See Calvin's Commentaries

We are not "dead to the law," or "engrafted into the death of Christ," or deriving "secret energy" from the death of Christ in some pre-existent federal state. These things happen when we believe into Christ, i.e. when we are really united to him by faith. This is how Calvin is taking the sense, and rightly so.

Lenski, in his commentary is on the real union target as well. He comments:
Συν in the verb denotes faith, for it alone joins us to Christ crucified "with" him.
R. C. H. Lenski, The Interpretation of St. Paul's Epistles to the Galatians, to the Ephesians, and to the Philippians (Augsburg: Fortress, 1961), 116.

John Stott comments on the context of the passage this way:
Perhaps now it is becoming clearer why a Christian who is 'justified in Christ' is not free to sin. In Christ 'old things are passed away' and 'all things are become new' (2 Cor. 5:17, AV). This is because the death and resurrection of Christ are not only historical events (He 'gave himself' and now 'lives'), but events in which through faith-union with Him His people have comes to share ('I have been crucified with Christ' and now 'I live'). Once we have been united to Christ in His Death, our old life is finished; it is ridiculous to suggest that we could ever go back to it. Besides, we have risen to a new life.
John Stott, Only One Way: The Message of Galatians (Downers Grove: IVP, 1968), 65.

Curtis Vaughn also understands the context. He says,
Verse 20 describes the new life into which Paul came when he renounced the law and turned to Christ. It was in essence a life of identification with Christ, both in death and in resurrection. The former, identification in death, is expressed by the opening words: I have been crucified with Christ (ASV). Believers, by virtue of their corporate union with Christ, were included in his death (cf. Rom. 6:6). What he experienced, they experienced. This may be seen as yet another reason why the law has no claim on Paul. Phillips: "As far as the Law is concerned I may consider that I died on the cross with Christ." The tense of the verb (perfect) speaks of an act accomplished at some point in the past but having abiding results.

But Paul's Christian experience involved not simply an identification with Christ in his death; it was also an identification with him in life. I have been crucified with Christ; and it is no longer I that live, but Christ liveth in me (verse 20a, ASV). The sense is that Paul no longer thinks of himself as having a separate existence from Christ. Christ has become the source, the aim, and the motivating principle of all that he does (cf. Phil. 1:21). "As in the old days the law had filled his horizon and dominated his thought-life, so now it is Christ. Christ is the sole meaning of life for him now; every moment is passed in conscious dependence on Him" (Cole, p. 83).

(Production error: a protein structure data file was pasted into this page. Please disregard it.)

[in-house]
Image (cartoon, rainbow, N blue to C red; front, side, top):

Curtis Vaughn, Galatians: A Study Guide Commentary (Grand Rapids: Zondervan, 1972), 54–55.

Donald K. Campbell says this:
Basic to an understanding of this verse is the meaning of union with Christ. The doctrine is based on such passages as Romans 6:1-6 and 1 Corinthians 12:13, which explain that believers have been baptized by the Holy Spirit into Christ and into the church, the body of all true believers. Having been thus united to Christ, believers share in His death, burial, and resurrection. Paul could therefore write, I have been "crucified with Christ" (lit., "I have been and am now crucified with Christ"). This brought death to the Law.
Donald K. Campbell, "Galatians," in The Bible Knowledge Commentary, eds. John F. Walvoord and Roy B. Zuck (Wheaton: Victor Books, 1983), 596.

Richard B. Gaffin interprets the verse as referencing the real union that believers experience by faith. He says:
The notion of resurrection with Christ is not difficult to see in these verses. Their affinity especially with the passage in Romans 6:3ff. appears at several points. Verse 20 contains the only other reference in Paul to crucifixion with Christ (cf. Rom. 6:6). Having died "that I might live to God" (v. 19b) is reminiscent of Romans 6:10f. The death to the law spoken of (v. 19a) is correlative with the death to sin (cf. Rom. 7:4, 6 with 6:6, 18, 22). Therefore, since this death is described in terms of solidarity with Christ in his crucifixion, the life which forms its pointed contrast (v. 20) should be understood in terms of solidarity in his resurrection. Moreover, since this life is obviously life in individual, existential union with Christ ("Christ in me"), the co-crucifixion and the co-resurrection in view are likewise primarily experiential in nature.

In these verses Paul writes in the singular, using himself and his experience as illustrative of all believers. This justifies understanding the "we" statements in the other passages examined distributively and as applying individually to every believer.
Richard B. Gaffin, Resurrection and Redemption (Phillipsburg: P & R, 1978), 52–53.

Anthony Hoekema brings up Galatians 2:20 in the context of his analysis of actual union. He says:
(2) We appropriate and continue to live out of this union through faith. It is important to remember that the only way in which we can appropriate union with Christ is by faith. Though, as we saw, it is the Spirit who brings us into this living union, we can only grasp and continue to enjoy this union by faith. By nature we are "old selves," enslaved to sin and alienated from God, but as we exercise our faith Christ can and does live in us. Through faith we actualize and experience our having been made new creatures in Christ.